Giving second-hand gifts may be taboo for some people, but for our family, it works just fine. When our kids were very young, the excitement of a gift was unwrapping it. Sometimes it didn’t even matter what the actual gift was.
As they got a little older, they started paying attention to what came inside the pretty packaging, but because they didn’t really have a concept of money, they didn’t really care whether it was new or old, expensive or free. They were thrilled with whatever they found inside.
Now that they have an understanding of the cost of things, they themselves prefer shopping at thrift stores and yard sales to big box stores. They know that one of the ways to get the best deals on everything is to always consider buying second-hand first.
As it turns out, some of our kids’ favorite gifts ever have been pre-owned and cost next to nothing. An informal survey showed how kids don’t see the newness of something like a significant feature. To quote our nine-year-old, “It doesn’t matter if it’s new or not. I don’t think I’d want something from the thrift store if it was broken, like a car with no wheels on it. But if it’s a good present from a thrift store, it could still be awesome, just for less money.”
One of our boys said his favorite used present ever was a magic kit we gave him several years ago. It came from a thrift store, in a beat-up old box, definitely used. He didn’t care. He opened the kit and immediately decided that he was going to become a magician. He spent dozens of hours with that kit — studying the trick book, practicing his sleight of hand, putting on magic shows and showing other people how it was all done. It’s still at our house, outlasting many other toys that cost more or were actually new.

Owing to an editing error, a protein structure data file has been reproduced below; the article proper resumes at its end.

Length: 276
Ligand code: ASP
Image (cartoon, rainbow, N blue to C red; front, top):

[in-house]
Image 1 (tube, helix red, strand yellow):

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Our kids understand that the price paid for a gift is no indication of the thought and heart behind it. One year when we were working hard to minimize all of our expenses so we could achieve our goal of being debt-free, we bought thrift store bikes for our kids for Christmas. We stayed up late the week before Christmas fixing them up so they were attractive and in working condition. Though we didn’t spend much money on the bikes, we poured lots of love into them. And the kids loved them. They didn’t care — or even notice — that they weren’t new.
Don’t be afraid to break the taboo and go against our commercialized culture. It’s not whether it’s new or old, or expensive or free. A used gift can, as my son said, “still be awesome, just for less money.”
Click to discover how to afford everything you want this holiday season.
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